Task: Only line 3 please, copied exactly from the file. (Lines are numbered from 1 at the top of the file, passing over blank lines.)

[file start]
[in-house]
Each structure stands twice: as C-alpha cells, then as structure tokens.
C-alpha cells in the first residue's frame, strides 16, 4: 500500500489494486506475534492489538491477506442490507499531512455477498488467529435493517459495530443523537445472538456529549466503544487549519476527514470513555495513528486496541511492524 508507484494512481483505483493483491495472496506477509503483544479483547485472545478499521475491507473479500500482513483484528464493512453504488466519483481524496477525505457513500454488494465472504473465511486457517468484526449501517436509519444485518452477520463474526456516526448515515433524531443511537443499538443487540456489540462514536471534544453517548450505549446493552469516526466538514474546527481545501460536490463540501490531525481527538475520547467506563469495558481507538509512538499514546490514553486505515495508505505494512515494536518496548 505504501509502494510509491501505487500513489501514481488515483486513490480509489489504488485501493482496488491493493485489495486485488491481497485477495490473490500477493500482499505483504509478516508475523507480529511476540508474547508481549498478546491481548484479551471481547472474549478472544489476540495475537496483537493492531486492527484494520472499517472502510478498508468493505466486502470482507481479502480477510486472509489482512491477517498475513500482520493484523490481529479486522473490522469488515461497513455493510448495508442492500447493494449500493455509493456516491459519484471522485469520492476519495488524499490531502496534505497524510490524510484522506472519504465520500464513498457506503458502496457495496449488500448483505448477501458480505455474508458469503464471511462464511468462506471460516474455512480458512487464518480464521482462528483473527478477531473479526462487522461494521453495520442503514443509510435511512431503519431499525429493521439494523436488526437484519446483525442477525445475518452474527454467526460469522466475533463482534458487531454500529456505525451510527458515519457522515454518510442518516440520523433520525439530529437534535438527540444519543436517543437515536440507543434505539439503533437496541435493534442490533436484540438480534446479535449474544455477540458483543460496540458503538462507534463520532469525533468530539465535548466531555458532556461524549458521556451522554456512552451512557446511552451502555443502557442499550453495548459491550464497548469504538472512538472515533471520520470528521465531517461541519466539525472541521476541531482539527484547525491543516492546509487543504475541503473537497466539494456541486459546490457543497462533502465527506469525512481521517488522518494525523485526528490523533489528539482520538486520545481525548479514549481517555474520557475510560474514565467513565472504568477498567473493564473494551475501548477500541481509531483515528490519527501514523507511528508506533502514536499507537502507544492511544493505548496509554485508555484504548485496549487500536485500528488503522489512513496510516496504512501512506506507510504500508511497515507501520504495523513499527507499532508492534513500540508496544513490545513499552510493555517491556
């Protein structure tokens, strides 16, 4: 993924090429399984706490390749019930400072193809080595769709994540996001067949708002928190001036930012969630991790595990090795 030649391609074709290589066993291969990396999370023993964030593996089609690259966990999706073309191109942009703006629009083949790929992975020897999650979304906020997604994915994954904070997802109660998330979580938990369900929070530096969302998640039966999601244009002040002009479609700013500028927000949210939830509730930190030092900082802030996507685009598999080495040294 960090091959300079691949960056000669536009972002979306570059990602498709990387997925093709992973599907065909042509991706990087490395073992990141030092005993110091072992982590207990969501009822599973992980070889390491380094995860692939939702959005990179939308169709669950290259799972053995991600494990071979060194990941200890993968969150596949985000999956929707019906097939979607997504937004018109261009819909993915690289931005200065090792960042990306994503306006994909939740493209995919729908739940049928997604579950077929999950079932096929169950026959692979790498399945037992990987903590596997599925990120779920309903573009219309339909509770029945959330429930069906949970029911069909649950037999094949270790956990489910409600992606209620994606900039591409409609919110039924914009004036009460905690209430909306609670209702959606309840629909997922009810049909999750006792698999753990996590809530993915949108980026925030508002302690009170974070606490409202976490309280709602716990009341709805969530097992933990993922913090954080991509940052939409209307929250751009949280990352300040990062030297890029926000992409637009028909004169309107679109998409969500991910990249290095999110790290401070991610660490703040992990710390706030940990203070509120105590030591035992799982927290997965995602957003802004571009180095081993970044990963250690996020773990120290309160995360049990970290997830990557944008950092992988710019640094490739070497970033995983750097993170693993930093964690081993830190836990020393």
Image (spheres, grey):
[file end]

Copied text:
C-alpha cells in the first residue's frame, strides 16, 4: 500500500489494486506475534492489538491477506442490507499531512455477498488467529435493517459495530443523537445472538456529549466503544487549519476527514470513555495513528486496541511492524 508507484494512481483505483493483491495472496506477509503483544479483547485472545478499521475491507473479500500482513483484528464493512453504488466519483481524496477525505457513500454488494465472504473465511486457517468484526449501517436509519444485518452477520463474526456516526448515515433524531443511537443499538443487540456489540462514536471534544453517548450505549446493552469516526466538514474546527481545501460536490463540501490531525481527538475520547467506563469495558481507538509512538499514546490514553486505515495508505505494512515494536518496548 505504501509502494510509491501505487500513489501514481488515483486513490480509489489504488485501493482496488491493493485489495486485488491481497485477495490473490500477493500482499505483504509478516508475523507480529511476540508474547508481549498478546491481548484479551471481547472474549478472544489476540495475537496483537493492531486492527484494520472499517472502510478498508468493505466486502470482507481479502480477510486472509489482512491477517498475513500482520493484523490481529479486522473490522469488515461497513455493510448495508442492500447493494449500493455509493456516491459519484471522485469520492476519495488524499490531502496534505497524510490524510484522506472519504465520500464513498457506503458502496457495496449488500448483505448477501458480505455474508458469503464471511462464511468462506471460516474455512480458512487464518480464521482462528483473527478477531473479526462487522461494521453495520442503514443509510435511512431503519431499525429493521439494523436488526437484519446483525442477525445475518452474527454467526460469522466475533463482534458487531454500529456505525451510527458515519457522515454518510442518516440520523433520525439530529437534535438527540444519543436517543437515536440507543434505539439503533437496541435493534442490533436484540438480534446479535449474544455477540458483543460496540458503538462507534463520532469525533468530539465535548466531555458532556461524549458521556451522554456512552451512557446511552451502555443502557442499550453495548459491550464497548469504538472512538472515533471520520470528521465531517461541519466539525472541521476541531482539527484547525491543516492546509487543504475541503473537497466539494456541486459546490457543497462533502465527506469525512481521517488522518494525523485526528490523533489528539482520538486520545481525548479514549481517555474520557475510560474514565467513565472504568477498567473493564473494551475501548477500541481509531483515528490519527501514523507511528508506533502514536499507537502507544492511544493505548496509554485508555484504548485496549487500536485500528488503522489512513496510516496504512501512506506507510504500508511497515507501520504495523513499527507499532508492534513500540508496544513490545513499552510493555517491556